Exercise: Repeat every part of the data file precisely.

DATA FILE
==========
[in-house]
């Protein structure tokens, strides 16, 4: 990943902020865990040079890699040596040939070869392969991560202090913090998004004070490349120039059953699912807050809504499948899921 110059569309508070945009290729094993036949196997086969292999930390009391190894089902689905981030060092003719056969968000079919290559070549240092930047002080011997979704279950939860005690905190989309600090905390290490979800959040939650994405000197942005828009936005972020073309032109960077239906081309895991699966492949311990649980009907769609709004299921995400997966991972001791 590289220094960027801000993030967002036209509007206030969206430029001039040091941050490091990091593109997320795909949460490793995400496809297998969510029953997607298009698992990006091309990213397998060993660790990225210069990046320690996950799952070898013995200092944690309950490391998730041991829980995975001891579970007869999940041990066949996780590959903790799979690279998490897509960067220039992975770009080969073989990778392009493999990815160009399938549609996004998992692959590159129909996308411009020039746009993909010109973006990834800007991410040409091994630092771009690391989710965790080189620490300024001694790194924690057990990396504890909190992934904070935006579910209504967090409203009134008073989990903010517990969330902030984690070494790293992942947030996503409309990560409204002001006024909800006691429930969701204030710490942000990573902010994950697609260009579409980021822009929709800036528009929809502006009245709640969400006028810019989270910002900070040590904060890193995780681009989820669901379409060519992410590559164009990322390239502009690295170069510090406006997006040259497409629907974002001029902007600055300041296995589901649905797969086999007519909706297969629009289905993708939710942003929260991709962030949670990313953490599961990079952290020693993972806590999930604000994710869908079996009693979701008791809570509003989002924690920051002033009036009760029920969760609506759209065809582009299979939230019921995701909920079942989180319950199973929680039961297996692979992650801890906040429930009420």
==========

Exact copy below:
[in-house]
């Protein structure tokens, strides 16, 4: 990943902020865990040079890699040596040939070869392969991560202090913090998004004070490349120039059953699912807050809504499948899921 110059569309508070945009290729094993036949196997086969292999930390009391190894089902689905981030060092003719056969968000079919290559070549240092930047002080011997979704279950939860005690905190989309600090905390290490979800959040939650994405000197942005828009936005972020073309032109960077239906081309895991699966492949311990649980009907769609709004299921995400997966991972001791 590289220094960027801000993030967002036209509007206030969206430029001039040091941050490091990091593109997320795909949460490793995400496809297998969510029953997607298009698992990006091309990213397998060993660790990225210069990046320690996950799952070898013995200092944690309950490391998730041991829980995975001891579970007869999940041990066949996780590959903790799979690279998490897509960067220039992975770009080969073989990778392009493999990815160009399938549609996004998992692959590159129909996308411009020039746009993909010109973006990834800007991410040409091994630092771009690391989710965790080189620490300024001694790194924690057990990396504890909190992934904070935006579910209504967090409203009134008073989990903010517990969330902030984690070494790293992942947030996503409309990560409204002001006024909800006691429930969701204030710490942000990573902010994950697609260009579409980021822009929709800036528009929809502006009245709640969400006028810019989270910002900070040590904060890193995780681009989820669901379409060519992410590559164009990322390239502009690295170069510090406006997006040259497409629907974002001029902007600055300041296995589901649905797969086999007519909706297969629009289905993708939710942003929260991709962030949670990313953490599961990079952290020693993972806590999930604000994710869908079996009693979701008791809570509003989002924690920051002033009036009760029920969760609506759209065809582009299979939230019921995701909920079942989180319950199973929680039961297996692979992650801890906040429930009420």